So I Keep On Writing

Mary Oliver writes of
flowers and she does it
very well, as I just stare
at words, wishing that
goldenrod could mean

as much to me, stuck in
this urban world, nature
on the fringe, everything
I cannot see, because in
the car I move too fast

to even smell the air,
but excuses will never
win, nor are they really
true, so I keep on writing,
this much I know to do

Mount Tamalpais

we talk about life
stumbling upward toward East
Peak, the fog slowly
disappearing into blue sky
day on this mountain

where we remember thirty
that age when last
here, ascending together as
if time remains still
but no, five kids

between us, balding heads
failing vision, and all
the rest of middle
age, to think in
another fourteen we will

be sixty, how long
will the mountain remain
ours, before it nudges
us off fire roads, away
from crow filled branches

we look down on
Lake Lagunitas, that water
holding minutes like a
Jim Croce song that
lasts forever, then stops

Higher Power

we rarely speak
of God that
him her force
lives in heaven
forests oceans everywhere

we pray to
be always in
good stead with
each moment where
light is ours

this karma knowing
watching to see
if we are
truly in his
image like clouds

floating peace through
sky we try
meditating while walking
the quiet path
of constant love

and one day
may we arrive
wherever there is
union with all
that ever was

Anonymous

no one knows who
i am, no photos
of me on a
screen, where i might
look wealthy or important
wearing a suit, standing
serious, ready to buy

or sell something, or
convince you that i
am indeed successful,
i walk, don’t drive
a tesla, or anything,
and therefore you might
not know me and

how i sometimes just
stare at trees and
how that is just
fine, good enough to
breathe and watch you
in wonder, trying so
hard to be somebody

Stand by Me

We wanted to follow
railroad tracks and sleep
under stars, maybe cook
up hot dogs without
a strict parent seeing
us wipe the grease
on our jeans. This
was 1986 when Polo
shirts were everything, not
following dreams or watching
morning deer, or thinking
about writing, or what
friendship could mean. But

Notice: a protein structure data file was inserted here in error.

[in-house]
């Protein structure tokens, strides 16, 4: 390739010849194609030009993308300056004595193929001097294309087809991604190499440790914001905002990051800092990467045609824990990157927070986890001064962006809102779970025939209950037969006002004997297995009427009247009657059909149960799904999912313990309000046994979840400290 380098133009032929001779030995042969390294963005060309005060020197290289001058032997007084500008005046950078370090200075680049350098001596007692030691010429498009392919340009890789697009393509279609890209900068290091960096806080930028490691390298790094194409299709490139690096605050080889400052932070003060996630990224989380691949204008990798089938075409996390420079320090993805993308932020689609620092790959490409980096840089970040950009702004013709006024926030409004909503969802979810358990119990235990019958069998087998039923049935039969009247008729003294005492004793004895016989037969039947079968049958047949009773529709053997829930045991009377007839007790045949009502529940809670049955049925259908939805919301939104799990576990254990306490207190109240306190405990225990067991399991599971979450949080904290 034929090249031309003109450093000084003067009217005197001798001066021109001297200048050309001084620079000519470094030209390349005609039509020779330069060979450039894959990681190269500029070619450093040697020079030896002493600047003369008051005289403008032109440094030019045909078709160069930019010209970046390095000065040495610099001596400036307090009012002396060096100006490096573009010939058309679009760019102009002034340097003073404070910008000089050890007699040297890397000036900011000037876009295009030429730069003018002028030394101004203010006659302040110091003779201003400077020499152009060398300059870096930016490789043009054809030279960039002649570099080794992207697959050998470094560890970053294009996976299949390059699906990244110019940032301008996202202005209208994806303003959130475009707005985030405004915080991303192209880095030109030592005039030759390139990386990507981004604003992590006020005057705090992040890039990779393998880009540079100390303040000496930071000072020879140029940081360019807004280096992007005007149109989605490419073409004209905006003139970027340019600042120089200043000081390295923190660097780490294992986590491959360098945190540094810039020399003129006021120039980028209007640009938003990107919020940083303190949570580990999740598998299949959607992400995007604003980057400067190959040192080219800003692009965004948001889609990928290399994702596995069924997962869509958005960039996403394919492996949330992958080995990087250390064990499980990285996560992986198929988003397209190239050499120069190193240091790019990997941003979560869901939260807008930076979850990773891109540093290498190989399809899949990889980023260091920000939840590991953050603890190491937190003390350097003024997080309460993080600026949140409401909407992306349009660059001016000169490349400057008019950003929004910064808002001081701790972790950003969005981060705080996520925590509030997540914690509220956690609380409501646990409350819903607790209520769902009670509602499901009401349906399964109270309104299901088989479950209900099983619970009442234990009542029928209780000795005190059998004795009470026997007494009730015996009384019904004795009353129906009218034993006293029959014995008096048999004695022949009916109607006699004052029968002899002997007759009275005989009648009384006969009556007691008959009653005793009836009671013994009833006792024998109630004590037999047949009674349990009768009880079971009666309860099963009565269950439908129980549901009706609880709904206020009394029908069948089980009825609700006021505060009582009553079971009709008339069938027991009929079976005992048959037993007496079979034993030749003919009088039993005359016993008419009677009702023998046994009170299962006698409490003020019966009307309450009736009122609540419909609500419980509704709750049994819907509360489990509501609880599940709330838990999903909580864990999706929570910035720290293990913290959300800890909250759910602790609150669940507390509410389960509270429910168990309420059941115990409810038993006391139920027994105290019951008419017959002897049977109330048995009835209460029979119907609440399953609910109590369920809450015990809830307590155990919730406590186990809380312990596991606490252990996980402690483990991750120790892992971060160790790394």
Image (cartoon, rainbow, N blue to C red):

Stand by Me let
in a little light
so we could remember
who we really are.

Tree Talks About Dancing

They worry about me in pounding wind,
that I might collapse, my weight crushing
fence, roof, windshield. It never crosses
their mind that I might be dancing, green
leaves, trunk, thump-shaking, swaying.
That this is my journey song, while roots
hold tight. Air my music, feel it move, groove,
and yes, one day I will topple this glory.

Paraguayan Heaven

Sitting shotgun in a truck, 3 of us squeezed in the front (Cayo, Ernesto, Me), no seat belts, sipping yerba mate. I’m speaking Spanish, asking questions about recycling plastic and filtering water with chlorine. Cayo drives, points his finger up at the windshield, motioning to each vehicle we pass on the two lane Caazapa highway. Yvaga, he says, cielo, heaven. That’s where you will go when you die, his finger silently communicates. Watching this ritual I see the other drivers smiling at us, their fingers also pointing upward, telling us the same thing.

Cayo asks me about California. The Paraguayan campo has no cable TV, no CNN, no movie theaters. He doesn’t question me about celebrities or our president, he asks about the land, trees, animals, what the air smells like, feels like. I tell him about non-native eucalyptus trees, how they suck water out of the earth, take nourishment away from other plants. He understands. The conversation is easy, like the cumulus clouds that float like cotton above us.

Ernesto speaks and at first I think I comprehend, the cadence sounds the same, but then I’m lost in a time before Spanish, before South American roads. I close my eyes for a few seconds, a lightness takes over. I’m hearing a Guarani language not of an evangelizing church or of plundering capitalism, but of a people, a community. A few minutes later we slow down, pick up a hitchhiker, normal in this part of Paraguay. I see the guy sitting in the truck bed, a large heavy sack between his legs. A man on a journey, we both watch the road, I look out the front, he looks out the back.

When the Roses at 7-Eleven Spoke

We sit in this white bucket, usually once a year to
rest on the counter near lottery tickets and cash
register. In warm water, spayed, our thorns are gone,
left somewhere in Ecuador, swept off the floor,
before they packed us tight to fly far away, then taken
in trucks all over paved roads into rectangular buildings
where fluorescent lights are always on. We watch them
buy beer, cigarettes, some stare at us in wonder that we
have petals, red color, were once alive. They touch,
fondle, rustle our leaves, remembering a moment
with us, that wasn’t us. Others grab us, a dozen at a time,
the number of true love, when money doesn’t matter at all.
Days go by and we start to droop, no one smiles anymore,
wilted, jilted, until one day, they just throw us away.